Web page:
Published 01 March 2019
Published 01 December 2018
Examination of the issues addressed at the conference which accompanied the exhibition 600,000 hours (mortality).
Postmodern culture has proclaimed the death of meaning, of the real, of metanarrative. Identity, memory, the body, nature, culture, power and the sacred - those fundamental ingredients of death's imagination - have undergone profound transformations over the last three decades. The contributions in this issue of Artlink address various parts of this new vision of death.
Published December 1994
The cinema's ability to represent death - the act of dying, bodily transformations, decay, the corpse - in astonishing realistic terms helps to explain why film, the moving rather than the static image, has become the central depository of death narratives (ancient and modern) in contemporary culture.
Exhibition review Fania
Curated by Erica Green
University of South Australia Art Museum
28 July - 27 August 1994
Looks at the exhibition 'Death' co-curated by Felicity Fenner and Anne Loxley held at the Ivan Dougherty Gallery in April 1993. 'Death' was a mixed media survey covering more than 200 years of Australian art which directly addressed the theme of death.
Traditions and rituals of mourning for the dead are common to most cultural groups and societies; mourning of the dead is even seen in some animal species.
Exhibition review Perpetual Motion: Aboriginal Strategies for rejigging art and technology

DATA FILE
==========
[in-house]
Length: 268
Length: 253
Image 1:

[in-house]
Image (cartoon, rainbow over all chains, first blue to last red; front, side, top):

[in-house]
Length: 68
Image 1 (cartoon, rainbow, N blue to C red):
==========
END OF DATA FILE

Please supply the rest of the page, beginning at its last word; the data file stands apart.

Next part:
Curated by David Kerr and Doreen Mellor
Tandanya National Aboriginal Cultural Institute, Adelaide South Australia 8 July - 14 August 1994
Exhibition review Familiarity? Re-examining Australian Suburbia
Mikala Dwyer, Michele Beevors, Glen Clarke, Elizabeth Woods, Tony Schwenson and Aleks Danko
Curated by Brian Parkes
Plimsoll Gallery, University of Tasmania
23 September - 16 October 1994
Exhibition review Crossovers: Site works and symposium
Tasmanian School of Art and various locations, Launceston, Tasmania 26 September - 2 October 1994
While AIDS does indeed affect everyone in our society, at the moment in Australia we are seeing predominantly a gay and lesbian artistic response to the epidemic.
Across much of Aboriginal Australia the announcement of a death is followed by profound communal mourning, the removal or destruction of the deceased's belongings and most significantly a prohibition on the use of the deceased's name.
The death masks hardly exists anymore. The institution has gone the way of all memorials. It has finally been superseded by the photograph, the twentieth century death mask.
On 17 March 1993, the body of photographer Angelo Campana was discovered in the burnt out remains of the newly opened IEG Waste Recycling Plant in Corrimal. According to the coroner's report, his death had not been caused by this fire, but from fatal head injuries incurred by the deceased's head being repeatedly bashed with a theodolite. This is the immediate crime which is appears to be investigated in Dennis Del Favero's sleuthian compilation of words and images, objects and installations called 'Prima Facie'.